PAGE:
Going the Distance: Stacked bantamweight division has no shortage of intrigue

By Ian Wind, Fight Night Picks contributor

After more than two years off due to suspension, former UFC Bantamweight champion T.J. Dillashaw made a triumphant return to the Octagon at UFC Vegas 32, defeating Cory “The Sandman” Sandhagen (No. 2) via split decision. In what was one of the most competitive fights of the year so far, Dillashaw showed no signs of “ring rust”, staying competitive with Sandhagen throughout the whole fight despite hurting his knee early on.

If you hadn’t seen the fight, but only the faces of the fighters after it was over, you’d think Sandhagen had destroyed Dillashaw, as the latter seemed to wear all the damage including a huge gash in his eyebrow. In order to limit Sandhagen’s striking ability, Dillashaw implemented a wrestle-heavy approach in this fight, attempting 19 takedowns (two of which were successful) and had 8 minutes, 22 seconds of control time throughout the fight. Many fight fans, myself included, believed Sandhagen won this fight based on the fact that he did more damage. Ultimately, two of the three judges favored Dillashaw and the 8:22 of control time he was able to sustain in the fight. Dillashaw did land more than 100 significant strikes of his own. While many disagreed with the result, this fight was close enough that whoever got their hand raised deserved the victory. Now, Dillashaw will likely take on the winner of Aljamain Sterling vs. Petr Yan, which is scheduled for UFC 267 in October.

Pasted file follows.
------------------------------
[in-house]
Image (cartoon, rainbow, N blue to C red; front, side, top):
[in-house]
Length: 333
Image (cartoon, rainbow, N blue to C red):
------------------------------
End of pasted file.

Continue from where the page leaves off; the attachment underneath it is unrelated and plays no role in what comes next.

I would be remiss to not discuss judging here, as this fight card as a whole was a good illustration of how inconsistent the judges can be. Of the four fights that went to decision, two of those results were extremely controversial. In her fight against Miranda Maverick, Maycee Barber was given a 29-28, 29-28, 28-29 split-decision win by the judges, while a panel of 22 media members unanimously scored the fight 29-28 for Maverick. Maverick outlanded Barber 82-38 in total strikes and 47-36 in significant strikes. Barber had more control time than Maverick, but only by one minute. In the second round, which was the disputed round, Maverick outlanded Barber 28-15 in total strikes, 1-0 in total takedowns, and had 1:21 of control time compared to Barber’s 54 seconds. Somehow, two of the judges saw round 2 for Barber, and the fight.